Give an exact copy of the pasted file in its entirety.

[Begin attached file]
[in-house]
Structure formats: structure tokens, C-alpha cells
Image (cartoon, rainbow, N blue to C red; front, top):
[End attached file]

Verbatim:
[in-house]
Structure formats: structure tokens, C-alpha cells
Image (cartoon, rainbow, N blue to C red; front, top):